In this scenario, to simply reduce the sale price by the closing costs would be wrong as the only buyers able to buy without seller paid CC are cash investors only willing to pay half of what the sellers are willing to take.

We are not here to make a market work. We are unbiased. If the buyers can't do it without concessions, then so sorry. If the bank wants to finance the extra 3% concessions, they can.  But it's not our job!  They want us...no they REQUIRE us to adjust.  It's out of our hands.  "Typical" has nothing to do with it.  "They can't get the house and the house would sell for 50k less" has nothing to do with it. If the buyer can't come up with $3k, then maybe they have no business making a $100,000 purchase!

[image]   


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Meatloaf

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Reply with quote  #26 
Quote:
Originally Posted by BillDing


We are not here to make a market work. We are unbiased. If the buyers can't do it without concessions, then so sorry. If the bank wants to finance the extra 3% concessions, they can.  But it's not our job!  They want us...no they REQUIRE us to adjust.  It's out of our hands.  "Typical" has nothing to do with it.  "They can't get the house and the house would sell for 50k less" has nothing to do with it. If the buyer can't come up with $3k, then maybe they have no business making a $100,000 purchase!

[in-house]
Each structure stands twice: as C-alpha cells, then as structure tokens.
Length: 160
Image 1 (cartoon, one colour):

[image]   



You may be right... If the buyer can't come up with $3000, then maybe they don't have any business buying a $100000 house.  Truth is, most buyers in this price range do struggle with an extra 3 grand.  Truth is, they struggle with the down payment.

If you were a seller, would you rather sell your house for 97K net with a 3K concession, or sell for 50K with no concession?  The market says that the house should sell for 100K but more than 90% of the purchasers at that price require a concession.

You are right to assume that the seller would be just as happy with 97K and no concession, but that is likely not possible in many situations.  So, you cannot simply make a reduction of the CC when it is the CC that allows the house to actually sell.

This is the difference in knowing the market and being bull headed and making statements like "the seller would just sell for 3% less".

A friend of mine just put his house up for sale.  Buyer made an offer with seller paying up to 9G in closing.  Seller refused and reduced the price by 9G on the counter offer.  Buyer walked.  Seller is now kicking himself in the rear for not paying the 9G at a higher price.

See... Would the seller accept 9G less?  Yep.  But the buyer won't buy without the concession so the seller isn't able to simply take 9G less.

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BillDing

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Reply with quote  #27 

Quote:
Originally Posted by Meatloaf
If you were a seller, would you rather sell your house for 97K net with a 3K concession, or sell for 50K with no concession?  The market says that the house should sell for 100K but more than 90% of the purchasers at that price require a concession.